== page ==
The Los Angeles Times
Los Angeles, Calif.
Apr 28, 2002
(Copyright, The Times Mirror Company; Los Angeles
Times 2002 Allrights reserved)
Stacey Nuveman makes her home behind the plate, but
it's what UCLA's catcher does in the batter's box that
has generated the most attention.
Nuveman, a 6-foot senior from La Verne, on Saturday
tied the NCAA softball career home run record, shared
by former Arizona players Leah Braatz and Laura
Espinoza. Her two-run shot in the third inning off
Stanford's Maureen LeCocq was the 85th in her career
and her 15th of the season, and it helped the Bruins
(43-6, 11-3 in conference play) to a 13-2 Pacific 10
Nuveman knew the record was within her reach. After
all, she hit 20 home runs her freshman season, 31 as a
sophomore and 19 last season. But after hitting only
eight home runs in 35 nonconference games this year,
the milestone didn't appear much closer.
Since the start of Pac-10 play, however, Nuveman has
seven home runs in 14 conference games.
UCLA's top slugger is also a disciplined hitter who
leads the team with a .537 batting average.
Her patience at the plate paid off against Washington
earlier this week. In the bottom of the sixth, UCLA
trailed, 3-0, when Nuveman came up with the bases
loaded. But instead of trying to clear them with one
swing, Nuveman drilled a two-strike pitch up the
middle to drive in a run.
Two batters later, sophomore Claire Sua became the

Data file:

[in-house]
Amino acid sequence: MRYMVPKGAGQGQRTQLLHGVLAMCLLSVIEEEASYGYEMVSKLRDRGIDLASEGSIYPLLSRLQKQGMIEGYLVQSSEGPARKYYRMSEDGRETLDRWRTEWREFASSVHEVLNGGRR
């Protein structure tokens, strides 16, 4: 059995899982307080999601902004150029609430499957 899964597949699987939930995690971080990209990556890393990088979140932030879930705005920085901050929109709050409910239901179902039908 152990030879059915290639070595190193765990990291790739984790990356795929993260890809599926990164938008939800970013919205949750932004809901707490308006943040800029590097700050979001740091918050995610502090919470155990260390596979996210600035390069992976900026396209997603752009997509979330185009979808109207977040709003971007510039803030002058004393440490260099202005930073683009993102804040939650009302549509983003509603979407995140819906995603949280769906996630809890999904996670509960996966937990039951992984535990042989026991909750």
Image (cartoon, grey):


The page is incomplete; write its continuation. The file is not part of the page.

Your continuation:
day's hero with a grand slam over the center-field
fence. Nuveman cheered the loudest.
"A lot of kids would have been hacking for the fence,
but [Nuveman] really stayed within herself," Coach Sue
Enquist said. "That was very impressive. Those are the
things that are going to get us to the end."
Asked what she is most proud of as a softball player
and Nuveman will talk about the 2000 Olympics. Not the
gold medal she won as a member of the U.S. team, but
of the perspective and focus she gained from the
"Talk about pressure and a big game--it doesn't get
any bigger than that," Nuveman said.
"Perspective-wise, it's helped a lot because I've been
on the biggest stage and I know what it feels like.
Now, when I come out here, I take the game for what
it's worth and not let things get too big."
Though her name is in the record book, records are
made to be broken, and Nuveman is fine with that.
"If I break both knees tomorrow and softball's over
for me, I know I've developed the person," she said,
"and that's something that goes beyond the white
lines. That will take me lot farther than a home run